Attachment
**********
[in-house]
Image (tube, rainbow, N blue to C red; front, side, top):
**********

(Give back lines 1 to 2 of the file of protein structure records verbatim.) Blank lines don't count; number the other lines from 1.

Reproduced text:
[in-house]
Image (tube, rainbow, N blue to C red; front, side, top):